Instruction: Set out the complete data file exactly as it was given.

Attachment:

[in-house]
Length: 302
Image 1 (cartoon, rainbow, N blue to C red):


[in-house]
Length: 302
Image 1 (cartoon, rainbow, N blue to C red):